This dish can be served over toast or buttermilk biscuits.

Serves 4-6.

Stuffed Peppers (‘S.I.S.’)

Begin by making a stewed tomato sauce. Trim the ends off of 6 plum tomatoes and cut them into 1/4-inch dice. Place them in a saucepan along with 1/2 cup chopped celery, 1/2 cup chopped onion and 1/2 cup finely chopped green pepper. Season with 1/4 cup chopped fresh basil, 1 tablespoon fresh oregano, 1 tablespoon sugar, 1 teaspoon coarse salt, 1/2 teaspoon pepper and 1/4 teaspoon red pepper flakes. Let the mixture simmer for 20 minutes and add 1 small can of tomato sauce.

Cut the tops off of 6 bell peppers. For appearance, use 2 green, 2 red and 2 yellow peppers. Cut out the insides and cut the bottoms so that they stand up. Combine in a large bowl 1 pound of ground meatloaf meat (beef, pork, veal) and 2 chopped chorizo sausages. Add to this 1 cup chopped onion, 2 tablespoons catsup, 1 tablespoon chopped oregano, 2 teaspoons salt and 1 teaspoon pepper.

Blanch 1 cup brown rice in boiling water for 15 minutes, drain and add to the meat mixture. Stuff this mixture into the peppers and place them in a deep casserole. Pour the sauce over them, cover and bake in a 350-degree oven for 1 1/2 hours.

Serves 6.

Old-Fashioned Navy Bean Soup 

Purchase 1 pound of dried navy beans and rinse them under cold water. Place them in a soup pot and cover with 2 quarts water. Bring them to a boil and turn off the heat. Cover the pot and let rest for 1 hour.

Meanwhile, dice 4 ounces of salt pork and cook at medium heat in a Dutch oven or heavy-bottomed soup pot. When it has turned brown and released its fat, add 1 chopped onion, 2 chopped ribs of celery and 2 chopped carrots. Continue cooking and add 2 tablespoons fresh chopped oregano and 1 tablespoon chopped fresh thyme.

Drain the navy beans, saving 2 cups of the cooking liquid. Add the beans to the soup pot along with 4 cups chicken stock and bring to a boil. Add 1 bay leaf, 1 can (15 ounces) of chopped tomatoes and a smoked ham hock. Season with 1 teaspoon black pepper and 1/4 teaspoon red pepper flakes. Cook uncovered at simmering temperature until beans are tender, adding the reserved liquid as the broth evaporates. Total cooking time should be about 1 1/2 hours.

Remove the ham hock, cut off the meat and add it to the soup. Add 1 tablespoon red wine vinegar and a little salt to taste. Garnish with chopped parsley.

Serves 6-8.

John Ross, a chef and author, has been an active part of the North Fork food and wine community for more than 35 years. Email: johncross@optonline.net.

10/13/12 10:00am
10/13/2012 10:00 AM
Lieb, Craft restaurants

GIANNA VOLPE PHOTO | Lieb Cellars director of sales John Morales (from left), advertising consultant Peter Pace and owner Mark Lieb in front of the the new ‘Vineyard’ tasting room.

A harvest party will be held at Lieb Cellars’ new tasting room at 13050 Oregon Road in Cutchogue tonight, Saturday, between 5 and 8 p.m. Organizers say it’s a chance to showcase the winery’s new digs.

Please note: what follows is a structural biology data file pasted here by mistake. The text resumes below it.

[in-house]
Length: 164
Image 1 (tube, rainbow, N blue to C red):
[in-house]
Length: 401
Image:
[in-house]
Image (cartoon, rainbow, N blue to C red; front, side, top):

It took a month longer than owner Mark Lieb originally hoped to open the new tasting room, which opened for business Oct. 1.

An official grand opening kick-off will take place there between 5 to 8 p.m. on Friday, Oct. 19.

Live music will also be held at the location every Saturday between 2 and 6 p.m.

Lieb Cellars’ original Mattituck tasting room will remain open in the Premium Wine Group facility, which Mr. Lieb also partially owns.

“I’m very happy,” Mr. Lieb said of the new tasting room last month. “This is something we’ve wanted for a long time. We built this building years ago. It’s a beautiful spot.”

Click here to read our previous story about the new tasting room.

09/22/12 10:00am
09/22/2012 10:00 AM

GIANNA VOLPE PHOTO | Complete with a neon sign, the diner is an architectural throwback to a time long past.

Dr. Norm McCullough and his wife, Linda, stop in at The Cutchogue Diner on Main Road most weekdays at 2 p.m. They stop by so often, in fact, that waitress Debbie Stelzer said she gets “discombobulated” if the couple isn’t there to drink their respective tea and coffee while they read the paper, do a crossword puzzle and chat.

“We’re among the fairly regulars,” Dr. McCullough said. “I was more of a regular before I retired from being a general surgeon at ELIH. I would come by to grab a cup of coffee and a piece of toast on my way to the hospital.”

An old-fashioned chrome diner with a maroon color scheme, The Cutchogue Diner first opened as Glover’s restaurant in 1941. This year, John Touhey of Brooklyn reached his 25th anniversary owning the iconic North Fork eatery.

What sets the diner apart from other local eateries, aside from its shiny exterior, Ms. McCullough says, is the “good home cooking.”

Dr. and Ms. McCullough have been eating at the diner for so long they say they’ve outlived many of the longtime regulars. Others have moved away to Florida and other warmer locales.

Mary MacLeod, 25, of Laurel is part of a new generation of regulars. One day last week, she sat across from the McCulloughs, reading a book, eating a plate of fries and sipping a Coca-Cola.

“I come here all the time to sit and read,” Ms. MacLeod said. “I always have, since I’ve been able to drive.”

Perhaps most regular of all at The Cutchogue Diner is the staff.

Managing the restaurant is 37-year-old Fernando Rodriguez, who began his career there as a dishwasher.

“When I first started working here, I didn’t know a lot of English, but [Mr. Touhey] suggested I learn, so I ended up finishing the four-year ESL program at Suffolk Community College in three years,” said Mr. Rodriguez, who immigrated from Guatelama. “I then became a cook and when the position for manager opened up three years ago, he offered it to me and told me it would be a challenge. I took it because I like challenges. I’m a leader, not a follower. I like to keep myself busy and I try to run this place the best way possible.”